"The five years following the 1979 revolution and the way in which they had affected the Jews of Iran were difficult to sum up, though all the alarming signs existed: A few leaders had been executed. Several schools, including my own, had been taken over by diehard Islamic ideologues who were proselytizing the students. School bathrooms had been segregated by religion. And derogatory terms and symbols that I had only known through my father's childhood stories, distant and unreal as fairy tales, suddenly had thrust themselves upon my reality.
There had been no overt or official decrees, but Jews could not receive passports or exit visas. And for a brief period, business owners were ordered to display signs in their shop windows that read: "This establishment is being operated by a member of a religious minority." The war with Iraq had begun, and though the demand for medical professionals had soared, hospital administrators hesitated to hire Jewish professionals, as the wounded members of "Hezbollah" — the "Army of God," as was first coined by Ayatollah Khomeini — didn't wish to be touched by non-Muslims. Life had, without a doubt, worsened for Jews in Iran. "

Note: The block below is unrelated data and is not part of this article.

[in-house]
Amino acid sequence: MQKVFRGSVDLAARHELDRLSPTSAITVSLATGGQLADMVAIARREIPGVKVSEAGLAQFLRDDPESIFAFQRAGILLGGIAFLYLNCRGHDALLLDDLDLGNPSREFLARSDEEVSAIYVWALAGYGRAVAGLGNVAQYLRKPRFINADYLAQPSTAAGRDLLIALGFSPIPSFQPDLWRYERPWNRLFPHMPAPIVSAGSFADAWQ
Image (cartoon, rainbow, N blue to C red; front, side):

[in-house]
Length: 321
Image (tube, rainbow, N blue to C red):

Read the rest, it's well worth it : The Fundamentals of Iran in Exile